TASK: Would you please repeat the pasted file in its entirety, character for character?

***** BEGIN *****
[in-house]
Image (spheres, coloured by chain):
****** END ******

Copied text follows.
[in-house]
Image (spheres, coloured by chain):